The Corner

Will Mike Pence Run for President? Should He?

Some conservative House members who are part of the Republican Study Committee are meeting at the Reagan Library right about now for a Heritage Foundation retreat. Indiana congressman Mike Pence was supposed to be among them, but he cancelled. Why? Because he’s up against a self-imposed end-of-January deadline about his own political future: Will he run for governor of Indiana? Will he run for president of the United States?

As we’ve noted here, there’s a “draft Pence” movement afoot in some quarters. I find it a bit fascinating. The obvious answer to a bad experience having a senator as president doesn’t seem to be go to the House. Mike Pence is a good, conservative legislator. But why now? Wouldn’t we all be better off — including Indiana, which would have a good governor in Mike Pence — if he had executive experience under his belt?

But yesterday I heard the best explanation yet for why Mike Pence would, could, and perhaps absolutely should run for president now, from a longtime senior Republican political aide who believes the “Why now?” question is exactly what leads to the answer that Mike Pence should run. This aide explained that 2012 would be Pence’s moment: “If you’re a smart, ambitious, medium-age pol . . . do you want to run against John Thune and Mitt Romney and [etc.] now? Or do you want to run against rock stars later?” Among the names he rattled off for future presidential candidates were Paul Ryan, Bobby Jindal, Marco Rubio, Nikki Haley, Susana Martinez, John Kasich, and Rob Portman. The aide, who has 20 years of experience in national politics, continued: “We are golden down the road. We don’t have a candidate this time. We need somebody. We’re going to have an embarrassment of riches before too long.”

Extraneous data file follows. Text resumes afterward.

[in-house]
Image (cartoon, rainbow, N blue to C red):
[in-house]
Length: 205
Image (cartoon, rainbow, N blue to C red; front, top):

My conversant continued: “People are looking around. . . . Mike Pence isn’t necessarily beating the best lineup we’ve ever had down the road. But if it’s 2011 and Mitt Romney is the frontrunner, you’re in a good place if you’re Mike Pence.”

This particular politico believes the issues that Pence is most passionate about are national ones. So while “ it would be a smooth road to the governor’s office” for Pence in Indiana, that’s not the choice he’d advise.

A source close to Pence confirms this is the decision he’s deliberating as I write, that it’s why he’s skipping the RSC/Heritage event, and that we can expect to hear Pence’s plans shortly.  

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